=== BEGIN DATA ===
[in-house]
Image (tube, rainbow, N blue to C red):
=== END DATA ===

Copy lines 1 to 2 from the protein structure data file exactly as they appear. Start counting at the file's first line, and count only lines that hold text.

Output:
[in-house]
Image (tube, rainbow, N blue to C red):